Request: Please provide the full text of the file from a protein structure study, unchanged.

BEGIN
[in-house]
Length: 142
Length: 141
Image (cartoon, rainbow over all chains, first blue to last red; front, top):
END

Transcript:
[in-house]
Length: 142
Length: 141
Image (cartoon, rainbow over all chains, first blue to last red; front, top):